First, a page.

posted by 7life at 11:23 AM on February 8 [1 favorite]


I've definitely noticed that I am a happier person with more thinking and response capacity when I do things in different modes, and when everything isn't done for me - experience a variety of texture, motion, light, smell, sound, effort and fine motion, learn a number of small physical routines, remember a series of steps that need to be completed before a thing can be done.

Frowner, I agree. I don't think you are being overreaching at all, and I get your point. I think that while it can be jokey to use the old person way of saying it, "it builds character," that's kind of what you're getting at. Do we really want to move towards a society where we can sit still and go "HEY THINGS AROUND ME DO ALL THE THINGS?"

These devices AREN'T sold as assistive devices for people who have functional problems. Yes, they can help with various issues people have, but the MAJORITY of people will be using them in place of doing tasks themselves (and let's face it - most tasks these devices "make easier" aren't really that hard to begin with, again, for most people). It's worth asking why we need these things to be available on every device we own.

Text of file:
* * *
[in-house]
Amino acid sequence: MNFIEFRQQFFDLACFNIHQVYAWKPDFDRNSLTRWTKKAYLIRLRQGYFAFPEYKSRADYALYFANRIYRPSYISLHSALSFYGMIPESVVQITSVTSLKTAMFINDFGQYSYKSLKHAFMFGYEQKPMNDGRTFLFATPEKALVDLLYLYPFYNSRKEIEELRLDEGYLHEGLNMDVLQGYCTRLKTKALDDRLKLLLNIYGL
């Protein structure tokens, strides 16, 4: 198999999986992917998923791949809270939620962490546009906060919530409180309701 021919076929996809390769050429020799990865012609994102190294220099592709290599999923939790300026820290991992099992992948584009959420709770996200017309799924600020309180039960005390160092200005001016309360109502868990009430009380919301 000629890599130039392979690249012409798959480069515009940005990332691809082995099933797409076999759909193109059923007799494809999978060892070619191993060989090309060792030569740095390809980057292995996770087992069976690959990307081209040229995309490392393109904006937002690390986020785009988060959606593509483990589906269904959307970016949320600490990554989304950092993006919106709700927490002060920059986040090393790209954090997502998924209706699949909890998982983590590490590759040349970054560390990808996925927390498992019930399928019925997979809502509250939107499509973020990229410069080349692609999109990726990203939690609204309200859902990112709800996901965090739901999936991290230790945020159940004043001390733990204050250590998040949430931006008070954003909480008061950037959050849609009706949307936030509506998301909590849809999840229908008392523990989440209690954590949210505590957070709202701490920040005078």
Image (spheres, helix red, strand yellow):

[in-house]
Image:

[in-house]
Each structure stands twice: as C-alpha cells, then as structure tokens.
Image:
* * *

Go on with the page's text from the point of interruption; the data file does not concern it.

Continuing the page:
I personally do not understand why you'd need anything in your home beyond a few devices connected to the internet. Some of the potential for these to be abused by hackers, etc, is downright terrifying. And the impact on young kids could be profound. Today I saw an article recommending that kids have less than 2 hours of screen time per day, because more makes them unhappy. I think it makes us ALL unhappy. Interacting with a device that takes care of something itself instead of accomplishing something on your own - sure, for a few things, great. But if it can increase to certain degree, where is our sense of accomplishment?

There's no putting the genie back in the bottle, I know that. But I also know that for those of us who have a choice about using these things - we should really think about whether it's worth it for our sense of self.